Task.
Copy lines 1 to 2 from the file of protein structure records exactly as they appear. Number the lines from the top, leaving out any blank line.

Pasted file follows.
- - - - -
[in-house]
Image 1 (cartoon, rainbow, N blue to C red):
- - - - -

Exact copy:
[in-house]
Image 1 (cartoon, rainbow, N blue to C red):